In conclusion, saros series are the most important tool in the categorization of eclipses, and have allowed us to identify when eclipses have occurred thousands of years into the past, and to predict when the will occur thousands of years into the future.


Tuesday, April 15, 2014

Eclipses and Saros Cycles 2

This is the second part of a post concerning eclipses and saros cycles. For the first, see here.

To understand how solar eclipses are predicted, we first must define some terminology relating to various types of "months". These months are not calendar months, but rather are time intervals related to the moon's orbit.

Synodic Month (29.53 days): This is the most common period referenced in the context of the moon. It measures the time it takes for the Moon to complete a revolution with respect to the line between the Earth and the Sun, or the time between two full moons or two new moons. However, this month is not equal to the period of the Moon's orbit, because the line between the Earth and the Sun shifts, as the Earth itself revolves.

The above image shows the position of the Earth and the Moon relative to the Sun at two successive new moons. Note the angle between the line connecting the Earth and Sun and the line marking the point at which the Moon has completed exactly one orbit around the Earth. Such an orbit takes 27.32 days.

Draconic Month (27.21 days): This "month" is the average time between successive crossings of the ascending node by the Moon on its orbit. The nodes of an orbit are the orbit's intersection with some plane of reference. In the context of eclipses, we are concerned with the intersection of the Moon's orbit around the Earth with the plane containing the Earth's orbit and the Sun. Since the Moon's orbit is inclined to this plane, there are only two points of intersection (see diagram below).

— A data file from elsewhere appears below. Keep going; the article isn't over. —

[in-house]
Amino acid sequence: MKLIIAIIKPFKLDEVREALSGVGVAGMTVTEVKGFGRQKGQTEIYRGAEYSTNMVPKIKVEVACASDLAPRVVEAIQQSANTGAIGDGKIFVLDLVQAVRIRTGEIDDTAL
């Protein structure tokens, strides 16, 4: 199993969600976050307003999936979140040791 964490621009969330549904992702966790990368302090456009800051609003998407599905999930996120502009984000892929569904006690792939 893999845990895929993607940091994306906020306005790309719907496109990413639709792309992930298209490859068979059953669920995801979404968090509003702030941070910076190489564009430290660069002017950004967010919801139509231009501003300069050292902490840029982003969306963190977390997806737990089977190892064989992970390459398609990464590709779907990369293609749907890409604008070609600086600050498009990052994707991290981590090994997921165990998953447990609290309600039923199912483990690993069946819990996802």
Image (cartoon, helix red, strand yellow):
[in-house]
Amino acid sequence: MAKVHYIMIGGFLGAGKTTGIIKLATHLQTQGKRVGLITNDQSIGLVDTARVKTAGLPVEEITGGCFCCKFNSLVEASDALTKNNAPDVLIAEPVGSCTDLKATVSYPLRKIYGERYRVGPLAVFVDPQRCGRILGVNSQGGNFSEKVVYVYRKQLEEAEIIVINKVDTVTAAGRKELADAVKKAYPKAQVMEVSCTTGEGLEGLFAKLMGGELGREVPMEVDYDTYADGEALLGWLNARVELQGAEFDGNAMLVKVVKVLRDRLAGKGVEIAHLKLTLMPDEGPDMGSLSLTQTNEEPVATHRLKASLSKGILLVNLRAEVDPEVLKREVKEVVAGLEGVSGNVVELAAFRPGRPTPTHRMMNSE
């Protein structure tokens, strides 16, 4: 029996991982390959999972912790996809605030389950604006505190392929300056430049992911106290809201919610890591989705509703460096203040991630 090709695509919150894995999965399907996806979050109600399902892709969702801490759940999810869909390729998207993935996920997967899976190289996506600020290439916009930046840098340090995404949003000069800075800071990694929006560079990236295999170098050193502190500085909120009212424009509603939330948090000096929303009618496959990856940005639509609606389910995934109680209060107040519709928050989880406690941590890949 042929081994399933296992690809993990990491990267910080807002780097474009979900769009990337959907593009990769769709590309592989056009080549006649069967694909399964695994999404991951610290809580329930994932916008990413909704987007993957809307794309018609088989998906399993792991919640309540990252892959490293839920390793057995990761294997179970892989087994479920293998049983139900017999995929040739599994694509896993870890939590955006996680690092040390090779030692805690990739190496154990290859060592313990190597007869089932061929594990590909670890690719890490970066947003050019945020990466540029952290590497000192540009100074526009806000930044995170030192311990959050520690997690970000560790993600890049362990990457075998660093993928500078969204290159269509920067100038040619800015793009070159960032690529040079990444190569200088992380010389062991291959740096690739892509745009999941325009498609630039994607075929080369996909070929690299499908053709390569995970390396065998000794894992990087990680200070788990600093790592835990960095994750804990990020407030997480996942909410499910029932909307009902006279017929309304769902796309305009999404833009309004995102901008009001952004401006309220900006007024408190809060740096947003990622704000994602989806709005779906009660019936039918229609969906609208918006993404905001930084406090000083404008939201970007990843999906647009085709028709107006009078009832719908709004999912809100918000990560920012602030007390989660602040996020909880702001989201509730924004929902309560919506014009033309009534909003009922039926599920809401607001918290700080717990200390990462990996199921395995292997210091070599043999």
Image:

The two nodes of the Moon's orbit are the ascending node, at which point the Moon crosses from below the plane of the Earth's orbit to above (where the area "above" the plane is the space beyond the Earth's north pole), and the descending node, where the opposite occurs. Since, due to the effect of the Sun's gravity, the nodes of the Moon's orbit shift with time against the Moon's direction of orbit, the draconic month (time between crossing ascending node twice) is slightly shorter than the orbital period of the Moon (27.32 days). The draconic month is important for the prediction of eclipses because eclipses can only occur when the Moon is in the plane of the Earth's orbit and the Sun, i.e., when the Moon is at an ascending or descending node.

Anomalistic Month (27.55 days): The Moon's orbit, just like the Earth's and that of other celestial bodies, is not a perfect circle. Thus the Moon's distance from Earth varies. The farthest point of the Moon's orbit from the Earth is known as the apogee (deriving from Ancient Greek "from" and "earth", the second of which also gives us geography, geocentric, etc.), and the closest point the perigee (with "peri" meaning "around").

Diagram of the Moon's orbit (elongation exaggerated)